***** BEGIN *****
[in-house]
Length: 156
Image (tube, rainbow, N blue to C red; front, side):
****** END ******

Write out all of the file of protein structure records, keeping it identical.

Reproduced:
[in-house]
Length: 156
Image (tube, rainbow, N blue to C red; front, side):